FynBloem News

Latest: FynBloem receives CSR award for Socially Responsible Development!  Read more here.


Cape Town based architects, KUBE recently completed a first-of-its-kind Protea packing export facility in the Riviersonderend valley. The client, a South African and Danish partnership have been exporting Proteas to the United Kingdom and Europe for a number of years under the Fynbloem brand. Previously the product was transported via airfreight but now, in an endeavour to reduce the carbon footprint and cost, our client was looking at sea freight as an alternative – an entirely new concept for this type of product, resulting in a new set of challenges.

In addition to the above, the client principally supplies Marks & Spencer in the United Kingdom. M&S are applying increasing pressure on their suppliers to “do the right thing” and have called this their “Plan A” initiative which was launched in January 2007 and is aimed at combating climate change, reducing waste, using raw materials and trading ethically. (You can read more about this here. Villiera Wines just outside Stellenbosch, have already implemented this philosophy and are the first in South Africa to be certified Plan A compliant. It was truly inspiring when visiting this estate to see what can be achieved by following the criteria set.


The packing facility, which is to act as the face of the brand, by celebrating the sustainable principals used in its construction, consists of two main components:
A warehouse facility wherein the packing process takes place will be developed in 2 separate phases of approximately 3000m2 each. In addition, phase one will also accommodate a smaller public component which will house offices, meeting rooms and exhibition/display facilities of approximately 300m2. Should demand necessitate, the possibility of a third warehouse phase would be added in the future.


The administrative component which forms the public interface has been positioned on the north elevation in order to shield the northern face of the warehouse from sun as well as screening the warehouse itself from the public. Cooling costs inside the warehouse, where a constant temperature of 10C˚ is crucial, can be cut down significantly in this manner.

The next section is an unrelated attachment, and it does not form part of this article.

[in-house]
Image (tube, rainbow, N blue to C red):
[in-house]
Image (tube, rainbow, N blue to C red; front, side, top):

The challenges inherent in this project involve the strict regulation of temperatures throughout the packaging process and complying with the M&S Plan A principles. In addition to widely recognised sustainable materials and construction practices to be used in this project, the following will assist in achieving Plan A compliance:

Water reticulation: As the Facility is situated in a water scarce region, water is the area’s most precious resource and, water stewardship receives the highest priority.


Approximately 3000m2 of roof space in phases one and two will act as rainwater harvesters, feeding water to box gutters between the various building components. These gutters would, in turn, discharge into rainwater tanks. The water would be fed back into the building under gravitational pressure. Conceptually these waterways will be mirrored inside the actual warehouse where the water used in the process as well as for cleaning purposes will be channeled towards the main waterway, which runs perpendicular to the main circulation corridor. This waterway will transport all the water to the dam where a reed bed filtration process will be used to purify the water, after which the water will be fed back into the farm or re-used in the pack shed.
Inside the pack house transpiration will be restricted due to effective cooling, meaning that flowers will only need to drink once instead of twice.


The roof structure which sits over the main circulation corridor will house the photo-voltaic panels which will be used to convert solar energy to electricity for use by the facility and, once fully implemented, would be able to supply excess electricity to the national grid.

Cutting the Carbon Footprint 

1. Air vs. Sea
The Pack house is designed for the export of flowers by sea, which is less environmentally damaging than airfreight